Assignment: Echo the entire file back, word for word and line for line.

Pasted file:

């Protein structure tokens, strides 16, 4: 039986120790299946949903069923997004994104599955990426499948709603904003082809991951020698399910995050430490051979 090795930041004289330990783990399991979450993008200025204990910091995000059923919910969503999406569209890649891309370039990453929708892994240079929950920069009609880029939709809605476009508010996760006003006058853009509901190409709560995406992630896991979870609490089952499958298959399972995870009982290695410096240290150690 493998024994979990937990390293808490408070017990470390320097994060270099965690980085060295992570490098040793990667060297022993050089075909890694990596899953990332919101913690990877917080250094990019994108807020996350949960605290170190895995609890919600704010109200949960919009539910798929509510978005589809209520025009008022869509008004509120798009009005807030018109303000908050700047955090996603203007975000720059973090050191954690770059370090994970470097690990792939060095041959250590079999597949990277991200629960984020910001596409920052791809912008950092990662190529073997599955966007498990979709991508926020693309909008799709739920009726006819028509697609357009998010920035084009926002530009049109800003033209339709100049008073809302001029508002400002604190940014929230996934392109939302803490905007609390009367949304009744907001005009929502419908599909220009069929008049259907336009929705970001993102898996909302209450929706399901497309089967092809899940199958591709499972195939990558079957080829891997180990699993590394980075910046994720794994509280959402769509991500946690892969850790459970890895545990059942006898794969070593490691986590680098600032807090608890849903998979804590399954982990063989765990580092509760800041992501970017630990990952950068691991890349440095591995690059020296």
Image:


């Protein structure tokens, strides 16, 4: 039986120790299946949903069923997004994104599955990426499948709603904003082809991951020698399910995050430490051979 090795930041004289330990783990399991979450993008200025204990910091995000059923919910969503999406569209890649891309370039990453929708892994240079929950920069009609880029939709809605476009508010996760006003006058853009509901190409709560995406992630896991979870609490089952499958298959399972995870009982290695410096240290150690 493998024994979990937990390293808490408070017990470390320097994060270099965690980085060295992570490098040793990667060297022993050089075909890694990596899953990332919101913690990877917080250094990019994108807020996350949960605290170190895995609890919600704010109200949960919009539910798929509510978005589809209520025009008022869509008004509120798009009005807030018109303000908050700047955090996603203007975000720059973090050191954690770059370090994970470097690990792939060095041959250590079999597949990277991200629960984020910001596409920052791809912008950092990662190529073997599955966007498990979709991508926020693309909008799709739920009726006819028509697609357009998010920035084009926002530009049109800003033209339709100049008073809302001029508002400002604190940014929230996934392109939302803490905007609390009367949304009744907001005009929502419908599909220009069929008049259907336009929705970001993102898996909302209450929706399901497309089967092809899940199958591709499972195939990558079957080829891997180990699993590394980075910046994720794994509280959402769509991500946690892969850790459970890895545990059942006898794969070593490691986590680098600032807090608890849903998979804590399954982990063989765990580092509760800041992501970017630990990952950068691991890349440095591995690059020296």
Image: